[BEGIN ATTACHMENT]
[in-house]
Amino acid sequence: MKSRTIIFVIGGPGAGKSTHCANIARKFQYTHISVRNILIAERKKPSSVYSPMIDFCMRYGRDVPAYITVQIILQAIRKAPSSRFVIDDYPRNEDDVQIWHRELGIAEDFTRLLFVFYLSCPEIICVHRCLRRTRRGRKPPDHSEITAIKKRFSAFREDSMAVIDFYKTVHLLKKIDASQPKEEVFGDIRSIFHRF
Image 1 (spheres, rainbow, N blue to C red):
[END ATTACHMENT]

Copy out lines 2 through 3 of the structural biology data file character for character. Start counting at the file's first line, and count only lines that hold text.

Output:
Amino acid sequence: MKSRTIIFVIGGPGAGKSTHCANIARKFQYTHISVRNILIAERKKPSSVYSPMIDFCMRYGRDVPAYITVQIILQAIRKAPSSRFVIDDYPRNEDDVQIWHRELGIAEDFTRLLFVFYLSCPEIICVHRCLRRTRRGRKPPDHSEITAIKKRFSAFREDSMAVIDFYKTVHLLKKIDASQPKEEVFGDIRSIFHRF
Image 1 (spheres, rainbow, N blue to C red):